(3) The Act applies to “agritourism participants.”  This term is defined as an individual engaged in an agritourism activity.  This means that any person who is on agricultural land for a recreational or educational purpose meets this requirement.  Specifically excluded from this definition, however, are employees of the agritourism entity.  So, assume a ranch allows a neighbor to come over to fish and he is injured.  That neighbor would be an agritourism participant.  If, however, it was an employee of the ranch who was injured while fishing, the statute would not apply.

(4) The Act applies to “agritourism participant injuries.”  This term is defined as “an injury sustained by an agritourism participant, including bodily injury, emotional distress, death, property damage, or any other loss arising from the person’s participation in an agritourism activity.”  Again, this is a broad reaching definition that will allow limited liability for most damage claims.

Requirements for Limited Liability

If the above requirements are satisfied and the Act applies, an agritourism entity is not liable for any agritourism participant injuries if one of the following two options are met:  (1) required signage is posted; or (2) a release including required language is obtained.

(1) Required signage.  The first option in order to qualify for limited liability is for a landowner to post warning signs.  Under the statute, the signs must be clearly visible on or near any premises where an agritourism activity occurs.  The sign must contain the following language:  WARNING: UNDER TEXAS LAW (CHAPTER 75A, CIVIL PRACTICE AND REMEDIES CODE), AN AGRITOURISM ENTITY IS NOT LIABLE FOR ANY INJURY TO OR DEATH OF AN AGRITOURISM PARTICIPANT RESULTING FROM AN AGRITOURISM ACTIVITY.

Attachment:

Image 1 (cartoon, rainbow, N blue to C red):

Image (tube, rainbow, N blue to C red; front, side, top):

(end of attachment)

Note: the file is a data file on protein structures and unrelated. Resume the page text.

(2) Required release language. The alternative option is for the agritourism entity to obtain a signed written agreement from participants.  The agreement must be (1) signed before participation in an agritourism activity; (2) be signed by the participant or the participant’s guardian if he or she is a minor; (3) be separate from any other agreement between the participant and entity except a different warning, consent, or assumption of risk, (4) be printed in at least 10-point bold type; and (5) contain the following language: AGREEMENT AND WARNING: I UNDERSTAND AND ACKNOWLEDGE THAT AN AGRITOURISM ENTITY IS NOT LIABLE FOR ANY INJURY TO OR DEATH OF AN AGRITOURISM PARTICIPANT RESULTING FROM AGRITOURISM ACTIVITIES. I UNDERSTAND THAT I HAVE ACCEPTED ALL RISK OF INJURY, DEATH, PROPERTY DAMAGE, AND OTHER LOSS THAT MAY RESULT FROM AGRITOURISM ACTIVITIES.

Exceptions to Limited Liability 

The limitation on liability offered by this statute is not, however, unlimited.  Numerous exceptions apply.

(1) As noted above, the statute expressly states it does not apply if an employee of the entity is injured.

(2) The protections do not apply if the injury was caused by the entity’s “negligence evidencing a disregard for the safety of the agritourism participant.”